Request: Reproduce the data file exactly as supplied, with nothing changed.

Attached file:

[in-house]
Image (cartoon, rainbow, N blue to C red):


[in-house]
Image (cartoon, rainbow, N blue to C red):